I'm making a facebook app and I'm trying to follow MVC properly. But I was wondering if I had a class that was a bunch of fql queries (getting data from facebook) should I have keep these in a controller or a model?

According to Codeigniter's user guide "Models are PHP classes that are designed to work with information in your database". Since fql interacts with facebook's databases and not my own, would having a class full of what is basically just SQL Select statements count as valid model?

2 Answers 2


On an MVC pattern, a class that handles the data between the database and the application would be a valid model so long as the functions within it are related to the entity that the model represents. A CI model would inherit from the base model class of the framework to allow the user to use CI's syntax for handling data in the database. So I my answer is Yes it is a valid model but No it's not a valid CI model in some sense.


If you want to be orthodox about MVC:

  • The Model implements the entire domain logic, and nothing but the domain logic. For a game, this would include:
    • The current state of the players, units, world, etc.
    • Persistence of such state
    • The rules of the game (e.g., how units can move, what happens when unit X shoots unit Y, etc.)
  • The View is about presenting output to the user. In a web application context, this means templates; depending on how powerful your template system is, you may need some presentation logic outside of the templates, and you'll need some boilerplate to bootstrap the template engine. These, too, are part of the view.
  • The Controller part is about processing user input. For web applications, this means parsing requests, routing to sub-controllers, validating inputs, and dispatching them into the Model.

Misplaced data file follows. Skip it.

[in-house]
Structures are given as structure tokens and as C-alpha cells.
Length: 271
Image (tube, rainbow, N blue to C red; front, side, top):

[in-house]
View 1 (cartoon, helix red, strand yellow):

There is one more part to it for which I haven't seen a clean solution in a web application yet: you need to glue those three together. In strict MVC, the three components are mostly independent; the only connections are between controller and model (controller pushes requests for state changes to the model) and between the model and the view (view reacts to state changes in the model). In a web application, however, the controller typically needs at least some control over the view: the incoming request determines which view to use, and this information has absolutely nothing to do with the domain logic, so typically, the controller is allowed to select a view. Quite often, the controller even takes care of getting data from the model and passing it to the view.

So far the theory.

In modern-day web programming practice, MVC is usually taken to mean something quite different, along the lines of:

  • Models are classes that map to database entities. They usually derive from a generic base class, which implements standard CRUD operations, and extend it to implement methods that are specific to the particular entity they represent.
  • Views are classes that execute some presentation logic such as filtering, formatting, and sometimes even translation, and load and apply a template.
  • Controllers are classes that do pretty much everything else: getting input data from the request, performing domain logic on the models, reading data back from the model, instantiating and executing a suitable view, and sometimes even things like redirecting.

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